I love it when technology helps connect people. I love it when I can finally see the person I’ve been talking to on the phone and via email for months. I love it when distance becomes irrelevant in sharing knowledge and opinions in real time….even when we’re continents apart.
That’s why I loved every minute of yesterday’s virtual event our Italian team (@CiscoItalia) hosted with Guy Kawasaki (@GuyKawasaki). The concept was simple: connect ~30 Cisco guests in Italy with US social media personality, Guy Kawasaki for an hour of social media pow wow. Did I mention without any travel? The event was delivered over TelePresence in 3 different locations: Milan, Rome and Santa Clara TelePresence Suites (@TelePresence) as part of the Italian team’s #ideaimpresa initiative. This program aims at showcasing new ways to collaborate – wherever we are.
Questions ranged from tips for small medium businesses (SMBs) to the ever-so-popular question: are we overwhelming our fans and followers with information? Guy had an interesting point of view Read More »
Many believe that number 13 equals bad luck. And on Friday the 13thsome may take extra precautions to ensure nothing bad happens. There are literally hundreds of myths out there around things that could bring bad luck: a black cat crossing your path, walking under ladders, and breaking mirrors, to name a few.
One thing that’s guaranteed to bring good luck to all, however, is watching the latest Partner Update newscast. What could be more lucky than getting all of the latest Cisco partner news in less than five minutes?
It’s been a busy week! In this newscast, we share ways that Cisco is simplifying and making easier to do business with us, we cover the top networking myths, new IT cloud and print solutions, give you a recap of our B2B lead generation and marketing webcast with tips on turning leads into customers, a way to turn your customers’ old networking equipment into money for you, showcase B2B blogging tips, and highlight our Tweet of the Week.
Keep reading for highlights and links to everything we covered in this week’s Partner Update along with timestamps so you can easily jump to each item. Read More »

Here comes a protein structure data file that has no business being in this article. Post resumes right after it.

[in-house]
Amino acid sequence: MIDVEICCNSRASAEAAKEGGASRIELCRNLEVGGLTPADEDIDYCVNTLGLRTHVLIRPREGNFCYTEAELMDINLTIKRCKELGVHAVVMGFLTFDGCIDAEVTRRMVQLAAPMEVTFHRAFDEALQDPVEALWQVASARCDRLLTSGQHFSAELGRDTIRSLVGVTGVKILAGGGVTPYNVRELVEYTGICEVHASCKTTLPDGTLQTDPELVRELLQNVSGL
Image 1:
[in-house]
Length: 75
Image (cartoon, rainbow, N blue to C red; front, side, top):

I went to the #social4good event last night at Stanford which featured guest speakers actor, Kevin Bacon and author of the book “The Dragonfly Effect”, Jennifer Aaker. I am always curious to learn about how other people and industries use social media so I was looking forward to hearing interesting tidbits on what else….social media for social good. Kevin Bacon took the stage (no pun intended!) to share his thoughts on the concept of six degrees of separation and how it triggered the birth of www.sixdegrees.org. Did you know he first thought the notion of six degrees Read More »
I’ll admit I was surprised to hear so many people check their phones even before having a morning cup of coffee, mostly because I didn’t realize other people did that, too!
This phenomena probably won’t be as surprising in a few years when there will be one mobile device for every person on Earth, according to the Connected World Report, 2010.
While these stats may sound like drivel, they actually underscore the importance that a reliable network plays (and will play) for an increasingly mobile workforce — not just for those people checking Facebook under the covers.
Let’s face it: a network built on “good enough” equipment isn’t going to deliver the same experience as one using next-generation equipment designed for the loads of today’s demanding applications—including voice, video, and data.
Curious about the importance of the network as it relates to mobile? Head over to Silicon Angle where Mike Rau (Vice President, CTO for the Borderless Network Architecture at Cisco) blogged on myth number one --The Single-Purpose Network Myth.
In the post, Mike explains that a good enough network is not designed to handle the needs of an increasingly mobile population, but is built to serve the single purpose of connecting users to resources in silos of connectivity. As mobility demands on the enterprise increase, he indicates that it becomes critical that an end user is consistently managed as they access the network, whether over a wired, wireless, or VPN connection.
The next wave of spam is now making its way into social networks. One example of this type of threat is the Koobface malware, distributed through social networks such as Facebook. Koobface tricked users into downloading the malware, which then spread via the network of trusted friends. (For more details please read Unsociable: Social Media Brings a New Wave of Threats)
Facebook recognized this malware was a major problem. The trick to solving it, though, was determining how to distinguish the behavior of a bot acting like a human from the behavior of a real human. The initial answer seemed clear: selectively use a “captcha.” A captcha is the squiggly letters or numbers with interspersed lines that websites use to verify the user is a real person, not a bot. It’s very difficult for a machine to read the captcha and enter the right characters. (IMHO it is difficult for a person to enter the right characters, too—so no wonder a bot can’t do it.)